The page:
I mean, Ayn Rand had a character who invented a machine which would take the static electricity out of the air and turn it into DC current. She didn't explain how it worked. Is that the same thing? Well, kind of yes, kind of no. This fiction thing is all about invention and imagination, but the medium of exchange is the written word. When you say that a man wrote some amazing words, isn't it kind of cheating to then playfully skip over those words? It reminds me of Tenacious D, who once played the greatest song in the world, but have now forgotten it, and must instead sing a tribute to the greatest song in the world.

I've read novels about best-selling novelists where the novels themselves are never revealed. But said novels usually aren't the main focus of the story, either. I believe Marquez is capable of writing love letters that great, so why didn't he?

I once wrote an outline of a story, which I may still use, where the long lost footage from Orson Welles' Magnificent Ambersons is found. Upon hearing about this, a friend asked, "well, aren't you going to need to make with the footage, especially if this turns into something?" I guess the answer is, "no, not if I'm considered untouchable."

Anyway, this was just a niggling little criticism, borne more out of disappointment than real ire. In the ~180 page Of Love and Other Demons, it was a rarely but effectively used tool for skipping details. In Cholera, I felt like he just got tired of writing, and started glossing. The first sections of Cholera are told in a more traditional "show" manner, where the scene paints itself and we are led around by the description, rather than just reading an account of the actions and motivations of the various characters. It was beautiful. Then around page 80 he lapses into this "tell" mode, particularly when it comes to his characters' writing, where I start to long for the colors and textures (and specificity, most importantly) of what had come before. It was still good, but it didn't make me dream.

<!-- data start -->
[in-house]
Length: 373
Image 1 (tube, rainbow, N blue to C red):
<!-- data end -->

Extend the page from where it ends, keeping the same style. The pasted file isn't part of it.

It's just that if you know you're reading one of the greatest writers of all time, and he's talking about truly great writing, it's a jarring thing to be denied the opportunity to see at least one example.

None of this will deter me from agreeing that Marquez is one of the greatest writers out there, nor will it keep me from reading a Hundred Years of Solitude, hopefully later this year.

Book #7 will be Everyman, by Philip Roth



Blogger Jess said...

Oooh, weird synchronicity. I was thinking about stories in which writers talk about some great piece of writing that we never get to read just a couple of weeks ago. I might have to post about it now.

And, what, you didn't come away from this book thinking you'd just read an epic love letter from a stalker? That was pretty much my overwhelming sensation.

Not that I didn't enjoy the book, but One Hundred Years Of Solitude is where it's at. I really think you'll like that one.

Wed Apr 18, 07:13:00 AM  
Blogger Melissa said...

Yeah, I have to agree with Jess. You can call it love, but what it described was more like a cross between a grudge and an obsession. Stalker-y, yes.

But the man can wield a long, long sentence and never let it get away from him. He's a wordsmith, and no doubt about it.

Wed Apr 18, 02:45:00 PM  

Post a Comment

<< Home